Wednesday, September 20, 2006

CD: Iron Maiden - A Matter Of Life And Death

This album, released about two weeks ago, has reinvigorated my interest in Iron Maiden and it has given me hope that old metal bands can age with some class and intelligence. Off the top of my head, I can't think of any other metal band, save for the reunited Judas Priest, who have been around for so long and yet have produced such a satisfying, mature album. And yes, this is, to me, better than Priest's "comeback" album, "Angel of Restitution." While that album had some solid songs that were overshadowed by the easy to digest roaring rockers, it showed that Priest still were a viable band with new material as relevant and as strong as some of their best material. Iron Maiden have actually put together an even more solid album, in my humble opinion. It's filled with long epics, time changes and guitars, guitars, guitars...even some nice acoustic playing.

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This album is meaty enough to have me want to listen to it several times before attempting to write my thoughts down. It's not the type of album that you can easily digest in one sitting, and thank goodness for that.

The opening track, "Different World," has what sounds like some of the band members joining lead singer Bruce Dickinson for the friendly sing-a-long chorus in it. It's an uplifting way to begin the album. No one sings metal quite like Dickinson who injects his so much passion into his stylings that you believe you are being told an important tale by a seasoned storyteller. You can hear him not quite hitting heights that he used to, but then again, he is 48 years-old, having joined Maiden when he was 24-ish.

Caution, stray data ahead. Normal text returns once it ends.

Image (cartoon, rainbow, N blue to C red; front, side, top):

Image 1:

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You don't hear Maiden gallop a whole lot on A Matter Of Life And Death, but they do so in the superb third track, Brighter Than A Thousand Suns, which references "Robert", which is most certainly Robert Oppenheimer, widely known as "the father of the atomic bomb." The music varies from solemn quietness to the sound of a freight train barrelling down at you.

I've listened to this album a fair bit now and in my humble opinion, there are no really weak tracks among its ten songs. The album clocks in at about 72 minutes.

During the first day it went on sale, the CD was priced at $9.99 Canadian. I ended up opting for the limited edition, which has a 45 minute DVD, including a 30 minute making of documentary.

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The album, their 14th studio disc, has been one of thier most succesful ever and has charted in the top 20 in several countries.

# 1 Germany, Sweden, Italy, Finland, Greece, Slovenia, Czech Republic, Croatia, Poland, Brazil
#2 Canada, Switzerland, Norway, Hungary, Columbia
#3 Chile
#4 UK, Austria, Spain, India
#5 France, Ireland, Arabia
#6 Iceland, Belgium
#7 Holland
#8 Denmark
#9 USA
#10 Mexico
#11 Portugal, Japan
#12 Australia
#15 Hong Kong
#16 New Zealand

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